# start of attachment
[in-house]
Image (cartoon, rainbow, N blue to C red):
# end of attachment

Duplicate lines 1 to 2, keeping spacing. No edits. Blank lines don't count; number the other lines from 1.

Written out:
[in-house]
Image (cartoon, rainbow, N blue to C red):